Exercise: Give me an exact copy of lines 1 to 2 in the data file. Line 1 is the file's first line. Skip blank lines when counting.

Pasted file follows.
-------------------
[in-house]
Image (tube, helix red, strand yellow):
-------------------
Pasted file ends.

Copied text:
[in-house]
Image (tube, helix red, strand yellow):